The procedure was based on a modified method, as described in Ref. 17. Briefly, human BMECs were plated on fibronectin-coated 2-well Lab-Tek chamber slides (Nunc, Inc., Naperville, IL) at a density of 2 × 105 cells/well. After cells were confluent, MDA-MB-231 cells expressing GFP-cortactin variants were trypsinized, resuspended in DMEM containing 0.1% BSA and 1 mm CaCl2,, and plated over monolayers of endothelial cells that had been washed twice with PBS immediately before plating. The cells were incubated at 37°C for 4 h in a CO2 incubator. Nonattached cells were removed by three washings with PBS. Attached cells were fixed with 3.7% formaldehyde for 30 min. Cells that adhered to endothelial cells were inspected under a fluorescence microscope equipped with a digital camera and quantified by counting the number of green cells based on five high-power field digital images taken randomly at ×200. The average number of adherent cells and the SD were calculated based on three independent experiments.

Analysis of Transendothelial Invasion by Tumor Cells.

Transendothelial invasion of MDA-MB-231 cells was analyzed based on a modified method, as described in Ref. 18. Briefly, human BMECs (3 × 105) were plated on a fibronectin-coated polycarbonate membrane insert (6.5 mm in diameter with 8.0-μm pores) in a Transwell apparatus (Costar, Cambridge, MA) and maintained in Iscove’s modified Dulbecco’s medium containing 20% FBS, 1× antibiotic-antimycotic solution, and 2 mml-glutamine. After cells reached confluence, MDA-MB-231 cells expressing GFP-cortactin variants were trypsinized and resuspended in DMEM containing 10% FBS. The suspended cells (3 × 104) were seeded on the monolayer of endothelial cells and incubated for 20 h at 37°C in a CO2 incubator. After incubation, the insert was washed with PBS. The cells on the top surface of the insert were removed by wiping with a cotton swab. The cells that migrated to the bottom surface of the insert were fixed with 3.7% formaldehyde and subjected to fluorescence microscopic inspection. Green cells were counted based on five high-power field digital images taken randomly at ×200. The average number cell number and SD were calculated based on duplicated experiments.

Intracardiac Injections of MDA-MB-231 Cells in Nude Mice.

Subconfluent MDA-MB-231 cells were fed with DMEM containing 10% FBS 24 h before injection. The cells were trypsinized, immediately suspended in DMEM containing 0.2 mg/ml soybean trypsin inhibitor, and washed twice with PBS. The washed cells were finally resuspended in cold PBS at a density of 2.5 × 106 cells/ml on ice. Female 4–5-week-old BALB/c-nu/nu mice (National Cancer Institute, Frederick, MD) were anesthetized with ketamine (30 μg/g) and xylazine (1.5 μg/g). The suspended cells (5 × 105) were injected into the left cardiac ventricles of animals with a 27-gauge needle. The cell-injected animals were housed in a pathogen-free environment for 5–10 weeks. Body weights of animals were measured using a digital Sartorius weigher (The Scale People, Inc., Beltsville, MD). Experiments were repeated twice, and each experiment involved five animals per cell sample.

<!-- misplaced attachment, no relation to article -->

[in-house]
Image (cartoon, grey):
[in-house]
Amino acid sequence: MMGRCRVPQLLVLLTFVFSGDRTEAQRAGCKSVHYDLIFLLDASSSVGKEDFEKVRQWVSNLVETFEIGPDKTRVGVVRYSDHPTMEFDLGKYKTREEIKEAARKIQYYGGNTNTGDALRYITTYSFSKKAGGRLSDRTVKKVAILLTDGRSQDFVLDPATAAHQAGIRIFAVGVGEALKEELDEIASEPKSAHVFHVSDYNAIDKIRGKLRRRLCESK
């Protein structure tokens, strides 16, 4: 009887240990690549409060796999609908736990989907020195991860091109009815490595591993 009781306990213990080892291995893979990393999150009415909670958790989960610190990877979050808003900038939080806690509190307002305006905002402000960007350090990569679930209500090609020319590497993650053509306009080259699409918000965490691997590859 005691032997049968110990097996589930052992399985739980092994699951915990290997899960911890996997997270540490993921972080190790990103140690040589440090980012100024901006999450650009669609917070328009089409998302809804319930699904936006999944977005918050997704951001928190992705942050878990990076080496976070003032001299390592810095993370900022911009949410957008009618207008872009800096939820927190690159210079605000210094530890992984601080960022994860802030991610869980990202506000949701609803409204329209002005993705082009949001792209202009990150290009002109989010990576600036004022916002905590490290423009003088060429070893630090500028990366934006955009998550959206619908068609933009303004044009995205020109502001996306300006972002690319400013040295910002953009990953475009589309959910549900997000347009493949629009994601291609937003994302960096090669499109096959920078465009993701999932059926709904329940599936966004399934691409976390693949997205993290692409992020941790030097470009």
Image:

Statistical Analysis.

Statistical evaluation of the differences among groups was performed by Mann-Whitney test using GraphPad InStat software. All data shown were the mean ± SD.

Determination of Bone Metastases by X-radiography.

Tumors in bone were examined by X-ray radiographs 5 weeks after injection. Animals were anesthetized and placed on a transparent board in prone and lateral positions. The board was placed against an X-ray film (22 × 27 mm; X-OMAT AR; Kodak, Rochester, NY) and exposed to X-ray at 30 kV for 10 s in a Fixitron radiographic inspection unit (model 43855A). Exposed films were developed using an automatic film processor (Kodak RP X-OMAT). Radiographs of bones were evaluated for the presence of tumor foci.

Histological Examinations.

Animals were sacrificed with CO2. The lung, heart, liver, kidney, spleen, pancreas, forelimbs, and hind limbs were incised and fixed with 10% formalin. The bone tissues were decalcified in Cal-Ex II solution (Fisher Scientific) for 24 h. All tissues were embedded in paraffin. Histological sections were prepared by standard conventional processing and stained with H&E. Micrographs were taken with a Nikon microscope equipped with a digital camera (Cool Snap) and further processed using Adobe Photoshop software.

Preparation of MDA-MB-231 Cells Infected with Retrovirus Carrying GFP-cortactin Variants.

To examine the role of cortactin in tumor progression, wild-type cortactin and a tyrosine phosphorylation-deficient cortactin mutant (19) were tagged at their NH2 termini by GFP in retroviral vector MGIN as described previously (12), yielding fusion proteins GFP-cortactin and GFP-CortF421F466F482, respectively. The viruses carrying GFP-cortactin and GFP-CortF421F466F482 were used to infect MDA-MB-231 cells. The infected cells were further enriched up to 85% by FACS based on the expression of GFP. Expression of GFP-cortactin proteins was further quantified by immunoblot analysis. As shown in Fig. 1, both GFP-cortactin and GFP-CortF421F466F482 were expressed at a level nearly 2-fold higher than endogenous cortactin. The epitope GFP did not seem to affect the specificity of tyrosine phosphorylation of cortactin because GFP-cortactin, but not GFP-CortF421F466F482, was able to be phosphorylated in response to a mixture of hydrogen peroxide and sodium vanadate (Fig. 1). A similar response was also described with either endogenous cortactin or small epitopes such as Myc-tagged cortactin proteins (19).